If you’ve ever inquired about installing a beach on your lakefront property in New Hampshire, you realize it’s an uphill battle. Although not impossible, getting permission to convert a section of your shoreline to a sandy beach is very difficult to do.
You need a permit. It seems obvious to us, but many people don’t know this. Even on private property, the New Hampshire Department of Environmental Services has tight restrictions on any construction activity happening near the water’s edge. DES laws prohibit dredging of lakes and filling shoreline areas with sand. Only a percentage of natural vegetation may be removed. Any beach installation that is permitted by the NHDES must comply with the Comprehensive Shoreland Protection Act (RSA 483-B).
Shoreline restrictions on adding private beaches seem harsh, but there are a number of good reasons for them:
It won’t stay anyway. If a shoreline does not have a natural beach, it is likely that conditions will not support it. The sand that gets dumped there will either drift away with shoreline currents or slowly settle through the soft, mucky bottom sediment. Although it seems like the sand disappears, it does not leave the lake.
Plant growth. Eroding sand along shorelines can change the depth of the lake. When a lake becomes shallow, algae blooms more heavily and plants root in easily. Over time, desirable deep water shoreline areas can become marshy and unattractive.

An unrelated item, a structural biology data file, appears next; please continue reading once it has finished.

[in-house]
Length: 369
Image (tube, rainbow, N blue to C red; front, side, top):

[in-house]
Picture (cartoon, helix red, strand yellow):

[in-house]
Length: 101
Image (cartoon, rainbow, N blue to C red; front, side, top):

Water quality. Introducing off-site sand can also introduce contaminants like iron or phosphorus that upsets the pH balance of the lake, promoting unsightly rust-colored bacteria or making the water cloudy.
There is a way to have a private beach on your property without disturbing the shoreline area or affecting the water quality of the lake. Perched beaches are becoming very popular with conscientious New Hampshire lakefront property owners who want to enjoy the recreational benefits of the lake without impacting the environment.
What is a perched beach? A perched beach is a beach area that is elevated at least 12 inches above the high watermark. Similar to a garden terrace, there is a retaining wall set along the water’s edge with steps allowing easy access to the water; often there is a retaining wall on the uphill side as well to provide a level beach area.
While there are restrictions to installing a perched beach, the New Hampshire DES approves of perched beach construction as a solution for home beaches. In fact, the permitting process is fairly trouble-free. The DES provides a “minimum impact expedited permit” to homeowners looking to install a perched beach. Town setback laws will also apply to the boundaries that run perpendicular to the lake.
Plan ahead. Perched beach construction must be done when the lake is in draw-down – that is, at its lowest water level – which is in late fall. So don’t wait till last minute! At Terrain Planning and Design, we can help you with the permitting process, as well as designing a perched beach for you that complies with The New Hampshire Department of Environmental Services shoreland protection laws.